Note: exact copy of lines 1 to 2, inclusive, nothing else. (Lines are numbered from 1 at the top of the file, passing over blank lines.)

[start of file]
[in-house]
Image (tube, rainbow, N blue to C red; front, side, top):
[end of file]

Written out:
[in-house]
Image (tube, rainbow, N blue to C red; front, side, top):